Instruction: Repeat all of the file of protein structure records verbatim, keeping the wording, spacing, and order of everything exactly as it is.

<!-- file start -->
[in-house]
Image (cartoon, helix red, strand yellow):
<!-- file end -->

[in-house]
Image (cartoon, helix red, strand yellow):